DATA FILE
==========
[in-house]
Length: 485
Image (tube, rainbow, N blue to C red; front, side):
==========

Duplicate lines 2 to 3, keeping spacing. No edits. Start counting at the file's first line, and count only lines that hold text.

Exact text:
Length: 485
Image (tube, rainbow, N blue to C red; front, side):